22 October 2020
IDMC has been busting myths around displacement linked with climate change and disasters since 2008. Let’s join forces.
As we speak, the number of Internally Displaced People (IDPs) worldwide has reached an all-time high. Disasters triggered the majority of new displacements in 2019, almost 25 million or two-thirds of the total, and most were linked to weather-related hazards such as storms, floods and droughts. With the expected impacts of climate change, these numbers will likely increase unless we get serious about addressing the structural causes that expose people and make them vulnerable to disaster displacement.
In the past months, however, IDMC has become concerned by the narrative that surrounds climate change and displacement, largely fuelled by unverified rumours circulating on social media. Just as the World Health Organization is fighting ‘infodemics’ related to COVID-19, we feel the need to tackle misinformation about displaced populations. There are a number of myths that are being perpetuated at the peril of those affected by disaster displacement. IDMC has been monitoring and analysing disaster displacement since 2008, and we want to counter these myths with the evidence we have gathered over more than two decades.
We are well aware that 2021 presents a unique opportunity to act. If we let the myths persist, we will remain stuck in policy responses that will not bring us any nearer to the goals of the sustainable development agenda or to reducing internal displacement and the suffering of IDPs.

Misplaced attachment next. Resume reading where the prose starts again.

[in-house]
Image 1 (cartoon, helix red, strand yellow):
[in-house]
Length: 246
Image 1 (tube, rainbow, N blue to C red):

So what are the myths and why are they dangerous?
Myth 1: Disaster displacement is temporary
The most common myth is that people who have been uprooted from their homes by a disaster, pre-emptively or spontaneously evacuated, return quickly to reconstruct their houses and rebuild their lives. As a result, national policies and response mechanisms often do not recognise displacement in the context of disasters, severely limiting IDP’s access to support and services and resulting in a lack of accountability of local and national agencies.
Unfortunately, in many cases this is not true as people remain displaced for months or even years. In Mozambique, around 87,000 people displaced by cyclone Idai in March 2020 were still living in resettlement sites at the end of July. As of the 31st December 2019, we published the first-ever global figure of 5.1 million people living in internal displacement in the context of disasters. While still highly conservative, this figure shows that protracted disaster displacement is a reality and growing concern across the globe.
Myth 2: You can’t prevent disasters
The perception that disasters are natural and something that may be prepared for, but not prevented, remains widespread, despite extensive evidence to the contrary. Consequently, most national and international efforts still focus on preparedness and humanitarian assistance, rather than addressing the root causes of disaster displacement and building resilience to withstand its effects.